It’s always important to supplement medication with lifestyle changes. Drugs only go as far as treating the symptoms, but behavioral changes and good sleep hygiene can address the root cause of your insomnia.
Benefits Of Sleep Hygiene
Sleep hygiene is the practice of implementing behaviors that promote a good night’s sleep. It entails altering environmental conditions, incorporating alternative therapies, and changing habits to manage insomnia.
Here are some ways to ensure good sleep hygiene.
Guided meditations and mindfulness help us focus on breathing to alleviate stress and tense muscles. Incorporating a five-minute guided meditation into your daily bedtime routine can lower your heart rate and reduce shallow breathing.
Quitting Unhealthy Habits
Before you protest, hear us out. If you’re a regular smoker and consume alcohol frequently, you might want to start thinking about reducing these habits to maybe once a week.
While alcohol is a sedative, prolonged use can cause disruptions in your sleep cycle. It can suppress your REM sleep, the deep sleep most important for our bodies. Alcohol consumption can set you up to develop insomnia, even if you don’t have it already!
If you drink coffee, finish your last cup of the day before 5 pm. The stimulant effects of caffeine can last for hours after consumption.
Avoid eating a large meal right before bedtime; it can interfere with a full sleep cycle. Give your body two or three hours to digest your dinner before hitting the hay.
Lower your lights at least an hour before bed. Watching TV, working on your laptop, or scrolling on your phone is not a good idea if you’re winding down. The screen brightness tricks your brain into thinking it’s still daytime, so you don’t feel sleepy.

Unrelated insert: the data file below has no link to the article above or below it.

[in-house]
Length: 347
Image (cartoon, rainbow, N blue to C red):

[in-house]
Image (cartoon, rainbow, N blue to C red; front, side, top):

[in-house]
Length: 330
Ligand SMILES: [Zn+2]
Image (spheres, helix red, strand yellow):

Keeping your room cool, quiet, and dark will communicate to your body to kick-start drowsiness.
Sometimes, respiratory disorders can interfere with deep sleep. Intuitive products are available for sleep and respiration therapy to help with ventilation and promote deep sleep.
Believe it or not, research states that music therapy is very effective in treating insomnia. The repetitive notes, slow rhythms, and soft beats can induce a sedative effect. It’s like someone singing a lullaby to get a child to sleep—adults can benefit from it too!
Several people also use white noise to help them calm down. Sometimes, a stark quietness can be disturbing. Hearing a fan rotate or the gentle pitter-patter of rain can help you relax.
Using Youtube to find white noise sounds is a cost-effective way to manage insomnia.
Anxiety, fatigue, and heavy stressors worsen our sleep quality. Aromatherapy is a great alternative way to help reduce these negative feelings. Essential oils like lavender, chamomile, jasmine, and peppermint are inexpensive ways to promote sleep.
The active ingredients in lavender, like linalyl acetate, are known to reduce nervous system activity, lower heart rate, and trigger emotional responses to aid better sleep!
To sum up, there are significant benefits to using medication and sleep hygiene practices to cure insomnia. Medication should be used to treat serious, chronic conditions and only to supplement good sleep hygiene practices.
Implementing lifestyle and behavioral changes is ultimately the most effective way to successfully manage and prevent insomnia.